Microsoft billionaire Bill Gates wrote an April 3 opinion piece for The Wall Street Journal decrying the practice of evaluating schoolteachers solely on the basis of their students' achievement on standardized tests — a process called value-added measurement in education circles. Many educators are lauding Gates' words, but some question their source — the billionaire philanthropist whose money and influence supported the development of value-added teacher evaluation and test-based performance metrics in education.
"As states and districts rush to implement new teacher development and evaluation systems, there is a risk they’ll use hastily contrived, unproven measures," Gates wrote. " ... Some states and districts are talking about developing tests for all subjects, including choir and gym, just so they have something to measure."
Gates' Wall Street Journal op-ed follows one he wrote for The New York Times in May of 2012 in which he objected to New York City's plan to publicize performance rankings of teachers, on the premise that "shaming poorly performing teachers doesn't fix the problem because it doesn't give them specific feedback." In that article, Gates said value-added measurements are one important piece of the teacher evaluation process, but aren't sensitive enough to gauge effective teaching or identify areas for improvement.
"What the country needs are thoughtfully developed teacher evaluation systems that include multiple measures of performance, such as student surveys, classroom observations by experienced colleagues and student test results," Gates wrote in The Wall Street Journal.
The statement comes very close to what the National Education Association has been saying all along — that multiple measures should be used to evaluate teachers. It's not what Gates has been saying all along, though.
At the Greater Greater Education website, blogger Darla Bunting wrote of her surprise that Gates seems to be listening to teachers' concerns about having their job security tied to narrow evaluation systems that can penalize teachers willing to teach in schools where children's low academic performance correlates closely with poverty.
"In this chapter of education reform, teachers and former teachers like myself have come to brace ourselves for suggestions from people who haven't actually experienced what it's like to teach," Bunting wrote. She added that she found Gates' remarks about broadening the scope of teachers evaluations "refreshing."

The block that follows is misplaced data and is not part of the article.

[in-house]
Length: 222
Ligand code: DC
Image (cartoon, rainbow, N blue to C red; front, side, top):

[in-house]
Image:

Education Week blogger Anthony Cody pulled no punches, accusing Gates of being "more responsible than anyone for the absurd evaluations by which teachers are now being held accountable." Cody wrote that it was galling to read of Gates' exasperation with the results of practices for which he is largely responsible.
The concentration of wealth in the Gates and Walton families allows them to pay for research that supports their ideas, influence media outlets and funnel money through political action committees that advance their agendas — all without accountability, Cody wrote.
As a response, Cody created a "Billionaire Philanthropist Evaluation" modeled on teacher evaluations developed with support from the Bill & Melinda Gates Foundation.
Noting that Gates has not attended or taught in public schools, Cody recommended a "professional growth" exercise for Gates: teach in an urban high school, and subject himself to teacher evaluation systems he has promoted.
Because Gates has stated that money is ill-spent on reducing class sizes, Cody suggests he spend a week in the elite schools his children attend, and a week in an overcrowded classroom in Detroit, then reflect on the differences.
"If Mr. Gates demands that teachers be held accountable for their work, surely he must accept some accountability for his," Cody concluded.
A commenter on Cody's blog called Cody out for failing to appreciate Gates' self-criticism.
"This is as close to an apology as we will get. He does not come right out and say 'I screwed up,' but that is the obvious conclusion," wrote commenter Stephen Kaiser.